She should also enquire about receiving allowances (10-20% to reduce gross salary) for calculating Chinese Income Tax – but will need to provide fapiaos.

    There are pro and cons to every expat package, one size does not fit all.

    As it has been stated, a good accounting firm can sort it out for her – don’t know if her firm will foot the bill though.

    #5472
    Anonymous
    Guest

    Large multinational U.S. employers usually offer a tax assistance package that includes paying for U.S. and foreign income tax preparation fees. Many smaller employers will do this as well if they consider the employee a valuable asset and are asked to do so. U.S. expatriate employees should also see if their employer has a tax protection or tax equalisation policy where the employer will pay any income tax over that which the employee would have paid in the U.S. on base salary if not assigned abroad.

    U.S. taxpayers who qualify under IRC Section 911 can exclude foreign sourced compensation of up to $87,600 in 2008 and $91,400 in 2009. If they pay foreign income tax it can be deducted, or taken as a foreign tax credit against U.S. tax on foreign sourced income but only to the extent that the taxes are attributable to income that is not excluded or to deductions against foreign sourced income.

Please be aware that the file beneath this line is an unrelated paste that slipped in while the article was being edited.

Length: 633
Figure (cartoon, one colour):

There is a catch. If a U.S. taxpayer files a tax return and elects out of the FEI exclusion it cannot be claimed for 5 years. Therefore a U.S. taxpayer with foreign sourced compensation who files a tax return without electing the FEI exclusion can be deemed to have made an election not to claim the Section 911 benefits.

    Also, if a U.S. taxpayer files a statement with a foreign government stating that they are not responsible for paying foreign income tax otherwise due, and as a result they are exempted from paying foreign income tax, they can be denied using the Bona Fide residence test for Sec. 911.

    Final point. It does not matter where the compensation is paid to get the exclusion. What matters is where the services are performed that determines foreign or U.S. sourcing. Also, IRC Section 61 states that all income from all sources are included in income, which is why the exclusion determined on Form 2555 is carried over to line 26 of Form 1040 as a negative number to reduce all of the income reported on Form 1040 above that line.